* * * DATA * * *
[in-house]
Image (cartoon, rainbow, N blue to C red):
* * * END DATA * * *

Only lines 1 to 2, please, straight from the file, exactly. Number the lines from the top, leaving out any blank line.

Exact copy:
[in-house]
Image (cartoon, rainbow, N blue to C red):